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Many people read inspirational books, or listen to speakers explain the benefits of positive values, then give up when they can manage a few, halting actions based on the changed outlook. Gradually, they slip back into their old patterns, maybe emerging as a fresh book or conference gives them a little more motivation. Why did this happen? Because they were working mostly on their talk values. They didn’t integrate their learning into their daily action values, so any alterations in behavior stayed at the level of hopes and aspirations. Talk values count for little until they make it through to the level where they become habits.

If you want to change your life, you need to understand and work with making your aspirational, talk values and your everyday, action values line up. Try focusing on what you do, not just what you believe you should do. People’s actions better reveal their true values than any number of fine words. Only repeated actions stand any chance of changing your life.

Take all the time that you need and do it right. This is your future that you’re working on.

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Adrian Savage is a writer, an Englishman, and a retired business executive, in that order. He lives in Tucson, Arizona. You can read his other articles at Slow Leadership, the site for everyone who wants to build a civilized place to work and bring back the taste, zest and satisfaction to leadership and life. His latest book, Slow Leadership: Civilizing The Organization

    , is now available at all good bookstores.

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    Last Updated on April 8, 2019

    22 Tips for Effective Deadlines

    22 Tips for Effective Deadlines

    Unless you’re infinitely rich or prepared to rack up major debt, you need to budget your income. Setting limits on how much you are willing to spend helps control expenses. But what about your time? Do you budget your time or spend it carelessly?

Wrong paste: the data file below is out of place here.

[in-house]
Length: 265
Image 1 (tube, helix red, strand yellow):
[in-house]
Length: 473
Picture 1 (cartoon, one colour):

Deadlines are the chronological equivalent of a budget. By setting aside a portion of time to complete a task, goal or project in advance you avoid over-spending. Deadlines can be helpful but they can also be a source of frustration if set improperly. Here are some tips for making deadlines work:

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    1. Use Parkinson’s Law – Parkinson’s Law states that tasks expand to fill the time given to them. By setting a strict deadline in advance you can cut off this expansion and focus on what is most important.
    2. Timebox – Set small deadlines of 60-90 minutes to work on a specific task. After the time is up you finish. This cuts procrastinating and forces you to use your time wisely.
    3. 80/20 – The Pareto Principle suggests that 80% of the value is contained in 20% of the input. Apply this rule to projects to focus on that critical 20% first and fill out the other 80% if you still have time.
    4. Project VS Deadline – The more flexible your project, the stricter your deadline. If a task has relatively little flexibility in completion a softer deadline will keep you sane. If the task can grow easily, keep a tight deadline to prevent waste.
    5. Break it Down – Any deadline over one day should be broken down into smaller units. Long deadlines fail to motivate if they aren’t applied to manageable units.
    6. Hofstadter’s Law – Basically this law states that it always takes longer than you think. A rule I’ve heard in software development is to double the time you think you need. Then add six months. Be patient and give yourself ample time for complex projects.